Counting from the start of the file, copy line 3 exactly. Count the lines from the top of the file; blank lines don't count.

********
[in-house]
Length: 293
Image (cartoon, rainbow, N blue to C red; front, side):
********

Image (cartoon, rainbow, N blue to C red; front, side):